Lady Gaga – Joanne

Review by Natalie Kucko


In 2008, she was introduced to the music scene with “Just Dance.” She has since captivated the pop genre with smash hits like “Poker Face,” “Bad Romance” and now her deluxe album, Joanne. 

Stefani Germanotta, a singer-songwriter from the Upper West Side of New York City, morphed into the superstar now known as Lady Gaga. In her new album, she returns back to her roots that can be pictured as the busy streets of Manhattan.

Lady Gaga released “Perfect Illusion” in September, which was the first single off of Joanne. The song’s fast-paced beat offers nostalgia back to Gaga’s earlier music. Rumors surfaced about the dance track, claiming that it was written about her ex-fiancé.

Joanne begins with a fun song, “Diamond Heart.” The track begins by highlighting Gaga’s raw vocals, then the tempo quickly picks up and the song comes to life. Later in the album, Gaga slows things down with the song her album is named after, “Joanne.” In this track, she bares all and reveals true emotion that most likely refers to her younger self. “Sinner’s Prayer” is another intimate, soulful song on the album that talks about a love affair.

Lady Gaga features Florench Welch, of Florence and the Machine, on “Hey Girl.” This song gives off a slight 80s vibe with its rhythm. Gaga wraps up the album with “Angel Down – Work Tape,” a broken down version of another track called “Angel Down.” This was a genius move on the artist’s behalf. The song allows Gaga’s true talent to shine within a stripped down, acoustic feel.

Although Joanne does not necessarily bring back Gaga’s old dance tunes, it can definitely brighten up the mood. Lady Gaga provides the listener with songs for love, pain, heartbreak or just a casual drive.

Grade: A

Album Review: Preoccupations- Preoccupations

Review by Dakota Nelson

Recommended Tracks: Tracks 1- “Anxiety,” Track 5- “Degraded,” Track 7- “Forbidden”

RIYL: Protomartyr, Eagulls, Parquet Courts

Grade: B+


Formerly known as Viet Cong, Canadian post-punk band Preoccupations release an album that is both haunting and melodic. Living to their name Preoccupations is full of singer Matt Flegel telling about his life, and the ways he’s caught up in it.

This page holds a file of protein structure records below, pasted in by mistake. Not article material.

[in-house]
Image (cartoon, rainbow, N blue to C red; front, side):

Starting with a less subtle approach, the first track “Anxiety” is all about his anxiety. Anyone with anxiety will immediately understand what Flegel is singing about; with lines like “I’m not here solely for the sake/ Of breathing, I am wide awake/ Excuse my efforts for today.” This plays with the ideas that social disconnect, or at least mental disorder, is not taken seriously enough. All the while, Flegel mutters his lines against a “wall of sound” from bass and drums.

This theme of despair is constant throughout the rest of the album. On tracks like “Memory,” Flegel remembers someone that was very important to him, ranting about all the things they never got to do together and all the hard times he wished they never had to go through. While initialing a more uplifting part of the album being eleven and a half minutes, for a post-punk band, the song transforms into melancholy and regret by implementing wooden-stringed instruments, creating an almost post-rock sound. Then, it proceeds to go full post-rock for the last four minutes by playing the same note over and over.

The instrumentation on this album compliments the lyrics perfectly. Such as on the track “Degraded” where the first minute is nothing but blended synthesizers that lead into a fast drum beat with Flegel breaking out singing lines like “We are consistent in our flaws” and “I can’t change.” Sometimes life is too fast for us to adapt, and we’re left falling back into old habits. This is reflected by the upbeat music throughout the track, contrasting with the rest of the album.

For having to change their name and re-brand themselves, Preoccupations could’ve had this as their debut album. While their influences are still very detectible, it’s a giant leap from their first album. They could easily hone their sound and come out with an album all their own. A lot of Canadian music doesn’t really cross into the United States unless it’s mainstream, so give a listen to our brothers from the Great White North.

Body Moves – DNCE



Grade: A-

Review By: Matt Mackenzie

“Body Moves” by DNCE is a mixed tempo song that showcases the talent of the group that may be destined to be a hit at some point in time. Led by lead singer Joe Jonas, the group has had a few hits like “Cake by the Ocean” in 2015 and “Toothbrush” this past summer.

They follow the same style of their songs by having a positive feeling along with amazing use of instruments for the background, especially the bass. In terms of lyrics, the chorus holds a fast paced tone to it compared to other sections of the song. The mid lyrical and outro beat near the end is the highlight of the song because the sound of it changes compared to other parts of the song. I can see this song being another top hit for the group with a large amount of more hits to follow in time.